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Canyon Creek Invasive Plant Removal

Projects Goals
Canyon Creek is located just below the Mogollon Rim and a bit east of the Young Road. This beautiful, deep canyon is the site of a major fish hatchery and Canyon Creek is very popular among trout fisherman. VOAz has made a multi-year commitment to Tonto NF to help them realize their goals in Canyon Creek.

Bull thistle moved into this area after the Rodeo-Chediski Fire in 2002, . As is common with plants brought in from other places, bull thistle has no local natural enemies--bugs, plant diseases, or animals. This is why it is so easy for invasive plants to get the upper hand and behave like bullies, forcing out the native plants that are so needed by local fauna.

A U.S. Forest Service brochure provides much more information about their program to reduce the presence of bull thistle in Canyon Creek.  One page  The other page

Diffuse knapweed - Centaurea diffusa Lam. The origin of diffuse knapweed is the Mediterranean region of Europe. It was probably introduced to North America as a contaminant in alfalfa seed from Asia Minor or in hybrid alfalfa seed from Germany. It is one of the dominant rangeland weeds in North America, infesting over 3 million acres of rangeland in the western United States, with the area infested increasing at a rate of 18 percent a year (Zimmerman 1997). It often invades disturbed areas, but is able to compete easily in well-managed range lands.

Diffuse knapweed is a many-branched annual or short-lived simple perennial ranging in height from 1 to 2 feet at maturity. Basal leaves are finely divided; stem leaves are entire and smaller than basal leaves. It flowers from June through September with a white to purple flower. Characteristic floral bracts are yellowish green with a light brown, comb like margin. These bracts are tipped with a definite slender spine.

Spotted and diffuse knapweed seeds exhibit three germination patterns: non-dormant seeds that germinate with or without light exposure, dormant seeds that germinate in response to red light, and dormant seeds that are not light sensitive. All germination types occur on each plant. Seeds often disperse when stems break off near the ground and tumble along with wind.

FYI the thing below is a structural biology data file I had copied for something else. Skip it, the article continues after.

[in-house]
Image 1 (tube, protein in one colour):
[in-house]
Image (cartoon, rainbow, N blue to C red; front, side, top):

>Diffuse knapweed contains an allelopathic chemical that can suppress growth of other species and allow diffuse knapweed to grow in monotypic stands. It is unpalatable to livestock, and its spines can cause injury to grazing animals. It also causes increased soil erosion and reductions in wildlife populations.

On the Tonto, this species has been documented growing at the Pleasant Valley airport, the Pleasant Valley Ranger Station, along Cherry Creek, and along Highway 288 at Board Tree Saddle south of Young. There are many small infestations on the Pleasant Valley Ranger District. Diffuse knapweed is common on private lands in Young.

Rosette Photo by Patti Fenner & Mature plant photo by Cindy Roche

Project TA: Patti Fenner, Noxious Weed Manager, Tonto National

Upcoming Events

There are no upcoming events.

Completed Work
Number of Events: 6
Total Volunteer Hours: 1008
Total Participants: 119
Project Outputs
Acre(s) cleared of noxious weeds: 37
Other (bags of BullThistle seed heads): 80
Other (30 gallon bags of seed heads): 65

Completed Event Reports

July 24 - 25, 2010  Bullthistle & Canada Thistle Eradication
Canyon Creek Jul 2010

VOAz participated in treating 3-acresof invasive plants from the project area. Work consisted of spraying the herbicide Milestone and cutting and bagging seed heads from plants.
Total Volunteer Hours: 146    Total Participants: 18
Event Outputs
Acre(s) cleared of noxious weeds: 3

July 25, 2009  Bullthistle & Canada Thistle Eradication

Battle against Bullthistle and Canada Thistle

VOAz Canyon Creek Bullthistle July 2009

Click on photo to view report & photos.

Seventeen VOAZ volunteers wielded shovels, pruners and backpack sprayers to combat invasive Bullthistle and Canada Thistle near Canyon Creek in the Tonto National Forest. Several acres were treated over the weekend resulting in 144 hours donated by these volunteers. Camped at Upper Canyon Creek campground under the tall pines, everyone enjoyed getting away from the heat of the valley, the meals provided by VOAZ and, of course, the prize draw. Thom Hulen was awarded a Ten-pin for his 20th VOAZ event and Mike Snodgrass was recognized for his 100th (!) event.

Total Volunteer Hours: 166    Total Participants: 18
Event Outputs
Acre(s) cleared of noxious weeds: 3

August 2 - 3, 2008  Diffuse Knapweed Removal

Diffuse Knapweed Removal